Aiming to provide an alternative for low-level offenders, Hamilton County Mayor Weston Wamp and District Attorney Coty Wamp intend to double the number of community service assignments and the miles of trash picked up in fiscal year 2024.
The siblings announced the effort in a news conference Tuesday outside the District Attorney's Office at the Hamilton County-Chattanooga Courts Building.
"This is an issue that matters to all the county," Weston Wamp said. "This is not just about beautifying and taking care of our wonderful county. It's also taking advantage of state grant dollars that are there, it's about being a good steward of taxpayer dollars, and it ultimately gives us the opportunity to prevent overcrowding in our jail."
In fiscal year 2022, the county handed out 818 community service assignments covering 3,136 miles. The Wamps hope to exceed 2,000 assignments in fiscal year 2024 and bring the number of miles to 6,000. In fiscal year 2016 the county placed 1,950 people in community service assignments, the mayor said.
Hamilton County mayor, district attorney aim to double trash pickup assignments, miles served
"Since 2016, the county's trash pickup program has dropped by 50%," the mayor said. "So it's dropped by a little more than half, and we have a huge opportunity here to ramp it back up."
Coty Wamp said she wants the District Attorney's Office to be able to prioritize violent offenders. Her office will be offering nonviolent offenders, particularly those in Sessions Court, more opportunities for alternative sentencing in the form of litter pickup rather than jail time.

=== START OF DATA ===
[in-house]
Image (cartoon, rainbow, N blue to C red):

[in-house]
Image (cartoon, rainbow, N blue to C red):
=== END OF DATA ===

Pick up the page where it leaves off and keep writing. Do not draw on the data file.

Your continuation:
This leniency could apply to people with low-level misdemeanor drug offenses or theft, Wamp offered as examples, but it would not extend to more severe crimes, such as assault.
"Imagine instead of going to jail or instead of spending your time not working, not doing anything while you're waiting for your case to be resolved, we're going to ask you to be productive and show us that you are sorry for the mistakes that you made, the offenses that you committed," the district attorney said. "Come back to court and show us that you've done your public work days, you've picked up the trash, and we're going to give you a break."
She added that will represent one of many opportunities for partnerships between the District Attorney's Office and Hamilton County government during the next several years. The Wamps were both sworn into their respective offices Sept. 1.
"You're going to see this again in the near future, I'm sure, because there are things that are going to matter to me that matter very greatly to our County Commission and our mayor," Coty Wamp said.
The county's general services administrator, Christy Cooper, told the Chattanooga Times Free Press that drunk driving laws changed several years ago that made hours of community service more voluntary.
"Quite honestly, a lot of folks would rather sit in jail a few extra days than be on the side of the road picking up trash," Cooper said. "The problem with that is, it's a lot costlier to the county. It costs a lot more money to keep a person incarcerated in jail every day than it does to have someone in our program picking up trash."
County Commissioner Jeff Eversole, R-Ooltewah, also participated in the news conference Tuesday and said he regularly hears from constituents about trash piling up on the side of roads in Hamilton County. He brought the issue up at the end of a commission meeting in early January, noting Tuesday that the pandemic appeared to have an impact on the county's ability to fully utilize this program.
"I think it's a great opportunity for us to get back to doing the things that we were successful with in the past," Eversole said.